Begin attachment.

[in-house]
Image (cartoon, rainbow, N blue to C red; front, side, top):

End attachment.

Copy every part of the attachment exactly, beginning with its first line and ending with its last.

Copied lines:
[in-house]
Image (cartoon, rainbow, N blue to C red; front, side, top):